Paul L. Caron

Monday, September 26, 2022

Richmond And UC-Hastings Law Schools Remove Names With Racist Pasts

ABC 8 News, University of Richmond Renames Law School:

Richmond (2018)The name of a businessman who owned slaves will no longer be on the University of Richmond Law School, according to an announcement.

The name T.C. Williams will be removed from the University of Richmond Law School, adhering to the university’s naming principals which prohibit the school from naming buildings, programs, professorships or other entities for a person who directly engaged in trafficking and/or enslavement of others of openly advocated for the enslavement of people.

University of Richmond president Kevin Hallock and the Board of Trustees announced the name change to members of the UR community via email just after 5 p.m. on Friday, Sept. 23. ...

The email explained the university’s board voted unanimously to change the official name of the law school from the T.C. Williams School of Law, which it has held since 1920, to the University of Richmond School of Law.

The nine-paragraph message detailed T.C. Williams’ connection to the university as a student at Richmond College from 1846 to 1849, a trustee from 1881 until his death in 1889 and a donor who helped establish the School of Law. William’s descendants also served on the board.

The email included research garnered from legal documents that showed Williams, who owned a tobacco businesses in the area, enslaved dozens of people to work for the business and serve him in his personal life.

Chancellor & Dean David Faigman, Statement on Governor Signing AB 1936:

UC-Hastings (San Francisco) (2022)I write to you today with further updates on our name change journey since my last message on July 27th. In August, Assembly Bill 1936 successfully passed in both the California Senate and Assembly with resounding support. In fact, there were zero “no” votes in either house. This bill allows us to legally change the name of the College and reaffirm our commitment to restorative justice initiatives with the California tribes most impacted by the acts of our founder and first dean, Serranus Hastings.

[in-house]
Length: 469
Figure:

Today, Governor Newsom signed the bill, with an effective date of January 1, 2023. ...

I have launched a Name Change Committee of key campus leaders to work with students, staff, and faculty to assess and recommend decisions that will operationally transition us from UC Hastings College of the Law to UC College of the Law, San Francisco. This work will range from detailed changes to our website, email addresses, building signs, journal names, student organization names, and much more. Additionally, we will prepare a suite of new logo designs and a comprehensive marketing plan to get the word out to alumni, employers, judges, law schools, prospective students, US News voters, etc.

Although the effective date of the new name is January 1, I have not yet made a decision as to the exact date when we will “go live” on the new name. I want to initially confirm that we have ample time and resources for us to make all of the above changes and will communicate accordingly throughout this semester. That said, the switch will likely happen sometime in 2023. Suffice it to say, a campus celebration will be in order to mark that moment. Until then, we remain UC Hastings.

Be on the lookout for more updates from me, as well as communications from my colleagues from the Name Change Committee about various name-change projects. You can also see the most updated information the name change, including FAQs, on our website.

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